The genetic architecture of quantitative traits in locally adapted plant ecotypes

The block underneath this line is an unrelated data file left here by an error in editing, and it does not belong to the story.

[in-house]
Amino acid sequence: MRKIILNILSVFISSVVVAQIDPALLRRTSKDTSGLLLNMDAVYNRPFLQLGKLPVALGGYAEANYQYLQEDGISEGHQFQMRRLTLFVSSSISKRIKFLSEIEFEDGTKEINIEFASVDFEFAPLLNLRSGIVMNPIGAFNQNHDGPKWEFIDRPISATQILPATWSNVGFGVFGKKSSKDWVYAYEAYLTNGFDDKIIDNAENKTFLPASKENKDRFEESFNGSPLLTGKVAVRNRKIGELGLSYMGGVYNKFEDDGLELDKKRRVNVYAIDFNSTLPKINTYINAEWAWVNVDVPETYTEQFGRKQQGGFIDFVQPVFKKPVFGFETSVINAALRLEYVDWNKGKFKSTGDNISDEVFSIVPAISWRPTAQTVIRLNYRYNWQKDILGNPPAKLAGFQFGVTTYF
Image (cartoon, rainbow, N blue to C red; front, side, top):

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Locally adapted ecotypes are a common phenomenon generating plant diversity within species, yet we know surprisingly little about the genetic mechanisms that lead to locally adapted traits. The genetic architecture underlying traits can indicate evolutionary history and predict response to selection, with applications in evolutionary ecology, conservation, and crop development. This research broadly investigates the genetic architecture of quantitative traits in paired ecotypes from different plant species. I used multivariate comparative methods and quantitative trait loci (QTL) mapping to quantify genetic correlations and population divergence, between ecologically relevant traits, both at the phenotypic and genotypic level. I tested for adaptive floral trait evolution in a perennial wildflower by comparing differentiation at neutral loci to differentiation in a suite of quantitative floral traits in an Ipomopsis aggregata hybrid zone. I used multivariate comparisons to incorporate the genetic covariance architecture underlying floral display and reward traits, and found a strong signal for divergent selection. Non-neutral divergence for multivariate quantitative traits suggests that selection by pollinators is maintaining a correlation between floral display and reward. In Panicum virgatum, a native perennial grass, I used a genetic mapping population, segregating ecotypic variation, to construct a linkage map, and map QTL for nine ecological traits. Most QTL had intermediate to small effects and clustered on a limited number of linkage groups. I also found over half of the functional allelic effects displayed patterns associated with fixed differences between ecotypes. These results suggest there is considerable standing genetic variation within local populations, as well as between ecotypes for ecologically relevant traits. Lastly, I explored the genetics of plant tissue quality in Panicum hallii, a model lignocellulosic grass system. Cell wall components compose the bulk of lignocellulosic biomass and contribute to the recalcitrance of plant tissue. I characterized the divergence of four major cell wall components between ecotypes, identified 14 QTL, and found half of the QTL localized to a single linkage group. Exploring the genetic architecture of tissue traits in a tractable system will lead to a better understanding of cell wall structure and function as well as provide genomic resources for bioenergy crop improvement.